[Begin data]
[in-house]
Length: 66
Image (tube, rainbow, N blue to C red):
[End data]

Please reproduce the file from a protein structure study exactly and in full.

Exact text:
[in-house]
Length: 66
Image (tube, rainbow, N blue to C red):